When Transparency Goes Only So Far to Protect Consumers

It’s hard not to support giving consumers a clear view of what a financial product costs. After all, no one likes a surprise fee, and with more info, consumers can shop around. But a new proposed disclosure form for prepaid cards raises the question, if banks have so many charges that just listing the fees is cumbersome, can transparency alone be enough to protect consumers?

The move to make clear disclosures took off in 1988, when Senator Charles Schumer (D-N.Y.) pushed through legislation requiring credit cards to outline the major costs and features of their products. Known as the Schumer Box, the model grid of fees has since spread to other financial documents, such as mortgages forms proposed by the Consumer Financial Protection Bureau. Today, Pew Charitable Trusts, in conjunction with JPMorgan Chase and Senator Mark Warner (D-Va.), is releasing a model disclosure cards for prepaid debit cards, the rapidly growing market that everyone from Suze Orman and Wal-Mart Stores to T-Mobile wants in on.

Pew’s new disclosure box lists 26 separate fees it found were commonly charged by prepaid card providers, from inactivity charges to the different costs for customers who sign to make a purchase rather than entering a PIN number. A similar prepaid disclosure box, proposed two years ago by the Center for Financial Services Innovation, includes 14 different fees.

Even with the shorter version, it’s hard to imagine consumers being able to compare more than a dozen costs across cards and weigh what’s best based on how they expect to use the cards—particularly for a financial product that’s often picked up in the checkout aisles of grocery or convenience stores.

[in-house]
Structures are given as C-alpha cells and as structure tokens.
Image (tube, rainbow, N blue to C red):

That’s not to blame Pew or CFSI for the long disclosures—they’re just reflecting the fees that are charged in the market. Prepaid cards have developed a much more complicated fee structure than traditional checking accounts, their closest equivalent. Increasingly there’s little distinction between prepaid cards and checking—you can write checks from both, deposit funds directly, and look up balances on an app. Yet Pew’s model form for regular checking accounts lists half as many fee categories as its new prepaid form.

So what would it take to reduce the types of fees to a more manageable number? Market pressure is one possibility. Wal-Mart has tried reducing the number of fees with its Bluebird prepaid card, which has only a two types of charges: one related to withdrawing money from ATMs and one for ordering checks. Chase’s Liquid prepaid card has just a few fees too, namely a monthly service fee plus charges for using out-of-network ATMs or getting cashiers checks and money orders.

Alternatively, Congress or the CFPB could to limit the types of allowable fees. Pew, for example, has recommended that the CFPB prohibit prepaid card providers from letting customers overdraw their accounts or have other credit-like features. But don’t count on it. In the fights over consumer protection, battles over “transparency” typically are less fraught than those over “limits.” Take mortgages. There hasn’t been a massive push-back from lenders over the CFPB’s new model disclosure forms for getting a home loan. But the CFPB’s rules that limit the types of loans banks can make have been, and remain, hugely contentious.

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